Monday 29 June 2020


*Everyone who commented on Paula Roe's post last week will receive some swag from Thank you Paula!

Lockdown Reading - and Watching!

Darlings, hello from Sydney, where winter is finally here. Such snuggly weather to read.

To be honest, I thought when lockdown hit I'd read a lot more. No frantic rushing around. Stay! At! Home! was the mantra preached to us, and rightly so. So plenty of time for all the books.

Then online platforms began and I was connecting with friends and family in new and exciting ways. We bought a new TV and omigosh, Netflix entered my life. All those lovely romance movies were suddenly - right there! Cue me swooning. Suddenly I was reading and watching.

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My first Netflix binge was to watch the first series from  Robyn Carr's amazing Virgin River books. Has anyone read or watched this? What a great series. I don't know where they filmed it, but it is spectacular! The setting is a remote mountain town by the river, and wow, they nailed it. Plus, you know, look who's playing the conflicted male lead: yummy New Zealander Martin Henderson. I just gobbled it up and cannot wait for Season 2!

If you haven't seen Martin in anything, and he is amazing, I also recommend Bride and Prejudice. It's based on Jane Austen's Pride & Prejudice, always a fan favourite, only this time Bollywood-style. Am I gushing? (Yes I think I am.)

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I've really wanted to read feel-good books in lockdown, so I started reading cosy, lovely books, where it's all about growth and change and relationships and romance. I was all, yes please, throw them my way so I can hoover them up. 

One of these charmers is an outstanding new release from Josephine Moon called The Cake Maker's Wish. Isn't that the most divine cover? Single Mum Olivia and young son Darcy move from Tasmania to the Cotswolds, looking for a new start. She's pretty much given up on romance - but happily, romance hasn't given up on her! At the online book launch Josephine Moon tempted us with the book *and* a scrumptious looking cake. I dived into the book immediately. It was a complete bliss-bomb - even if I did become rather desperate for cake - and Josephine Moon's backlist is equally delightful. Go ahead and binge on The Beekeeper's Secret, or The Chocolate Promise, or one of my personal favourites, The Tea Chest. Bliss in a book.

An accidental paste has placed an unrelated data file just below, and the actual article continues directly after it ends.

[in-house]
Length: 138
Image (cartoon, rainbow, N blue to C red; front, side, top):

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Another great read was The Bromance Book Club by Lyssa Kay Adams. A bunch of very alpha guys get together to coach the ones who need it on romance - with advice gleaned from romance novels. I laughed so much at all the snappy back-chat, this was a total pick-me-up shot of romance fun - although it certainly had all the drama and all the feels. I launched straight into the second one, Undercover Bromance, which included an excellent nod to the Me-Too Movement.

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Last but not least, I was thrilled to receive an advance copy of Annie West's latest stunner, Claiming His Out-Of-Bounds Bride. Wow, this is such a powerhouse romance, I was thrilled from the get-go. A fabulous take on one of my fave romance tropes, the marriage of convenience. Done with style and so much swoony emotion it was dazzling. And set in Italy, oh my. Gorgeous. Thanks, Annie! You super-star!

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What's been keeping you sane during lockdown? What books, what movies, what streaming series?

Take care, my friends, stay well and healthy and able to enjoy all the life. And maybe, the odd slice of cake. 💓

Lots of love from Miranda xxx

Love to Love:
My new Netflix discoveries! My heart's just about exploded.

Love to Laugh:
At the hilarious guy talk in the Bromance books. 

Love to Learn:
Oh please, tell me more about Netflix. And your lockdown reads! 

Monday 22 June 2020

How to Keep Writing When your Life Sucks

By Guest Author, Paula Roe

Hello lovely readers and thank you BITB for inviting me to blog.  It's been quite a while between drinks so when it came time to decide on my topic, it really was a no-brainer.

About a year ago I had this idea for an interactive workshop, with writers discussing and sharing their challenges and techniques on how to overcome life's setbacks and detours. I'd like to share a few key points.

My Backstory

In 2006, I got the call that Harlequin Desire wanted to publish my book. I had been writing for over 25 years and this was my dream come true. YAY! At the time, my son was a challenging six years old, about to be diagnosed on the autism spectrum and struggling in an unsympathetic primary school. I was a single parent, sharing a house with my parents. It was an...interesting time. But I managed to stumble through my days, writing and publishing nine books with Harlequin Desire over the next eight years.



Then in 2013 life took a detour.